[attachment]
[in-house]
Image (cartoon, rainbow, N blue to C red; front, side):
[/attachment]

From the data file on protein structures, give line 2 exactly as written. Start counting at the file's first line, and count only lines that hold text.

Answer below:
Image (cartoon, rainbow, N blue to C red; front, side):